Picture This: Art, Painted Live at Your Wedding
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Photography isn’t the only way to capture a snapshot of a magical moment at a wedding celebration.
One of the hottest trends is creating a picture, not with a camera, but with a brush. Live wedding art is painted or drawn as an event unfolds and often becomes part of the entertainment at a reception as guests watch the artist at work.
This new tradition is a revival of sorts, harkening back to the days before the camera was invented. Upscale couples often commissioned an artist to render a painting commemorating their weddings.
At the glamorous venues of the Cescaphe Event Group in Philadelphia, live art adds a layer of style and sophistication to a growing number of celebrations. Art painted as the event unfolds reflects the joy of the couples, as well as the grandeur of such settings as the Atrium at Curtis Center, Cescaphe Ballroom, Vie, Tendenza and the Down Town Club.
Artists typically work in oils, acrylic, or pastels. Another option is to commission a watercolorist to paint a series of smaller vignettes that might include the bride getting dressed, the groom and his groomsmen, a rendering of the ceremony and a scene from the reception. Prices vary widely, from $1,000-$5,000.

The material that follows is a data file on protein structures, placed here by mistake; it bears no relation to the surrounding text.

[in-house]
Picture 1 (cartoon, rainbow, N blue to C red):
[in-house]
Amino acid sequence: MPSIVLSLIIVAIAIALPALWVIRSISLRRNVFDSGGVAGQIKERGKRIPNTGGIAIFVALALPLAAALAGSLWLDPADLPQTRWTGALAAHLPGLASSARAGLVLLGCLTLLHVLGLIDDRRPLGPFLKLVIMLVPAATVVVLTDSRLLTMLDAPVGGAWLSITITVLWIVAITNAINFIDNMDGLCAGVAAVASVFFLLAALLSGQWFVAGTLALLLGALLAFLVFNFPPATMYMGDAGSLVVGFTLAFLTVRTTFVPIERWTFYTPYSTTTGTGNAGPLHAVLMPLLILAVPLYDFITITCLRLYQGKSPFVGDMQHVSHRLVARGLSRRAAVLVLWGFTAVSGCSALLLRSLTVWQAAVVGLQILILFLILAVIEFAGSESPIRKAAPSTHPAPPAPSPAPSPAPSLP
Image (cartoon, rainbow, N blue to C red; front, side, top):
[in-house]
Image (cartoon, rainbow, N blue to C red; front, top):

Before the big day, the artist meets with the couple to discuss the content and spirit of the artwork. Will it be a tender moment at the first dance? The bride and groom celebrating with family and friends? (If the painting is a gift, the giver also will likely have input into the artistic game plan.)
Creating a lasting work of art takes time. Artists set up at the venue three or four hours before the big event in order to paint the backdrop, which might include such details as chandeliers, flowers, table settings and the wedding cake.
After the celebration begins, the artist works continuously throughout the event, adding people and movement. Over the next few weeks or months, the painter will perfect the work before presenting it to the couple to display forever after in their happy home.
The camera doesn’t lie, but painters are free to take artistic license in keeping with the wishes of the commissioning couple. That means nobody has a bad hair day or worries about not looking their best. Artists can add cherished loved ones who have passed away. One painter created fireworks over the dance floor, sparkling plumes that formed the initials and the bride and groom.
And unlike photography and videography, there’s an opportunity for a do-over. One bride felt the painting did not reflect the precise shade of her gown. No worries. The artist made an adjustment.This is a paid partnership between Cescaphe and Philadelphia Magazine's City/Studio